Tuesday, March 31, 2015
When I was about 10 years old, I fell in love with drumming. I was given a pair of drum sticks by my art teacher and I put them to use right away by playing along to drum centered 45s. Songs like, "Hawaii Five-0," and "Mission Impossible" theme songs were among my favorites.
I went on to be a the only girl drummer in my high school band. It was great fun and something I loved most about it was the ability to express myself through an instrument where words failed. For example, I went through my teen years on a tumultuous roller coaster ride. I didn't 'feel comfortable talking to people about what I was feeling inside. But get me behind my drum set and I could pound it out--the whole neighborhood heard me! There is much to be said about finding self expression through music and arts.
I know the power of rhythm and drumming in a group. It's empowering and transformational. I saw it this weekend and I look forward to offering Health Rhythms sessions in the near future! Stay tuned!
Wednesday, March 25, 2015
I take refuge in this country nursing home run by such peaceful and kind people. Last night when I drove up to the home, I saw a bus across the street with a congregation of Mennonite people all dressed in purple standing near it. It was too far to hear, but the way the were standing, I could tell they were singing. (pictured above)
I sat in my car a few minutes and took pictures of the mountain view until it was time to go in and play for the residents. When I got to the door, a young woman wearing a purple dress let me in. Then I saw the rest of the group that was outside the bus. Standing together as if preparing to sing, they all looked windswept, well traveled and radiant. The band's leader said to me, "give us five minutes" and then he lifted his arms to signal them and they began to sing the most beautiful song. Everyone who was not already seated to listen stopped their work and came to take in their impromptu performance. I saw tears well up in the eyes of a few of the women looking on. As I listened and took in the whole scene, I felt so lifted up. It was so what I needed! Being in the presence of such positive people and music making and offerings from the heart makes me feel such gratitude for being alive.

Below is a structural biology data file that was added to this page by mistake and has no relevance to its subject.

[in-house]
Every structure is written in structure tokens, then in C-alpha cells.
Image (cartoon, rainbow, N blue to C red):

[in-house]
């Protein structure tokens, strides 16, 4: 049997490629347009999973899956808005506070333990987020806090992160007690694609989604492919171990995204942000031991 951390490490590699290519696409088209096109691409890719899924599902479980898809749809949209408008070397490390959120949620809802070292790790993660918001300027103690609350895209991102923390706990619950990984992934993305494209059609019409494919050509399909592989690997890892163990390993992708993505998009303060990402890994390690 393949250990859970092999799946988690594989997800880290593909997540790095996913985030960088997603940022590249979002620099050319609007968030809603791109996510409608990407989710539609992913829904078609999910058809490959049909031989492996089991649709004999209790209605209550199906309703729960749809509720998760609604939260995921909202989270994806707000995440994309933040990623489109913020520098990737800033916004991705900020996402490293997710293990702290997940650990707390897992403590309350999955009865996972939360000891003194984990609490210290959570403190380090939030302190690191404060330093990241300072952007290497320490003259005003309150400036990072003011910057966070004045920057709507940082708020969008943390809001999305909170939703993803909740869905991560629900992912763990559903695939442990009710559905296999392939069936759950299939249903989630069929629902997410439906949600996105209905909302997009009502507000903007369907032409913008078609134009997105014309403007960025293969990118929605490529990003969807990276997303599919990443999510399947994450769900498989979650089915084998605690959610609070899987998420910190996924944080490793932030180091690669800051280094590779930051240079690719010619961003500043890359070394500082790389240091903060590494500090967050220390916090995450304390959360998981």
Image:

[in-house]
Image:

After their song ended, no one applauded. There was a stillness in the room for a few minutes and the leader of the band looked to me and said, "you can take over now." As I prepared to play, I spoke with one of the singers who told me they had traveled on a singing tour for 3,000 miles in just 4 days. I then set up my guitar and microphone and started to play but no..... it was like I was being played. It was a feeling I don't have often. A feeling like one gets when you do something called "automatic writing" --only I was automatic guitar playing. The music flowed from me with such ease and beauty that I could not claim my own. It was just magical. I know I can tell you all about this because I am sure you have had a similar experience. When have you experienced a magical moment? I'd like to hear about that. Thank you for stopping by!
Sunday, March 22, 2015
These artists in VSA are people who have a disability of some kind. Some of them use a wheel chair to get around. Others' disability may not be visible but they may have a severe hearing loss (like myself) or a brain injury or some kind of special need. I say this because while on the one hand their lives may contain challenges that many do not experience, on the other hand their ability to express their innermost joy with art is unhindered.
I think about where we are as a culture now in this digital age. Many of us have Facebook pages. I see many people posting quotes from famous people or cartoons or other images with messages not of their own making to speak for them. We often use the words and images of others to give voice to our lives.